Soon after he was awarded the Man Booker Prize for his novel A Brief History of Seven Killings, Jamaican author Marlon James was asked how he was going to spend the $70,000 prize money. He didn’t hesitate: “I’m going to buy up every William Faulkner novel in hardcover.”
It was a fitting response because A Brief History, which revisits the ghettos of 1970s Jamaica and a foiled assassination attempt on reggae legend Bob Marley, borrows much from Faulkner’s Nobel prize-winning repertoire: complex plotting, multiple and alternating voices, interior monologue, stream of consciousness and, of course, a great attention to diction and cadence.
But you needn’t be familiar with The Sound and the Fury or As I Lay Dying to enjoy James’s book. Nor need you worry if you get lost in the book’s dense plot and the 75-odd characters that populate it, because the entertainment lies not only in what they say but the way they say it.
James, 44, left Jamaica several years ago for the US, where he teaches creative writing. But he hasn’t lost his ear for Jamaican patois, nor his ability to cast his mind back to life among the Kingston underclass where “the sun was setting but it did still hot and the air taste like fish”.
It’s this piquant use of English that lifts James’s cast of gangsters, ravers, and batty boys off the page.
“In a former British colony the idea of what is proper English becomes an obsession,” James said in a recent interview. “And it’s one of the things that runs through the book where characters keep criticising other characters’ English, even though nobody speaks a perfect English — whatever that is. It’s a great way to separate classes in Jamaica.”
As gang member Bam-Bam’s father, after a savage beating, tells his boy, “English is the best subject in school because even if you get work as a plumber nobody going give you any work if you chat bad, and chatting good is everything before you learn a trade.”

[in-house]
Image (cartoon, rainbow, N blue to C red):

Much like Bam-Bam, James recalls his own father challenging him to “Shakespearean soliloquy competitions”. Perhaps he had those memories in mind because A Brief History is written in a way that compels you to read much of it aloud. In that sense, it reminds you of another Caribbean satire, Miguel Street, VS Naipaul’s blackly comic early novel about growing up in 1940s Trinidad.
It’s a book you imagine James knows well. After all, West Indians, and particularly Jamaicans, have an innate way with words. Where else but in the British Caribbean would you find a newspaper called The Gleaner?
In Naipaul’s Miguel Street they would, of course, dismiss James’s rendering of Caribbean patois as not proper “litritcher”. It would simply be an accurate record of how the inhabitants wryly philosophise on their lot.
“Money enough that every man in the ghetto can buy him woman a good Posturepedic mattress from Sealy,” the gang member Demus muses. But most of the time, “me want enough money to stop want money”.
James admits he does things he wouldn’t allow his students to do. And the danger with such literary braggadocio is that it risks getting a little mannered, especially over 688 pages. But by deftly alternating the voices, James pulls it off. It’s a bold ploy because you’ll either like it or hate it, especially since it presupposes another aesthetic predilection. You must like — or at least be willing to taste — Rastafarian culture.
As he has written, James listened to reggae, and would note in the corner of each page the artist he was listening to at the time. It’s no coincidence that we find a Marley or Steel Pulse lyric cropping up in snatches of monologue.
Again, James makes it work without it looking like an affectation.
Forty years ago the dub poet and songwriter Linton Kwesi Johnson pioneered the recitation of Jamaican patois in hits such as Street 66 and Inglan is a Bitch, and his collection Mi Revalueshanary Fren made him one of only three poets to be published by Penguin Modern Classics while still alive. With A Brief History of Seven Killings, James has made a “top-rankin’ ” contribution to that tradition.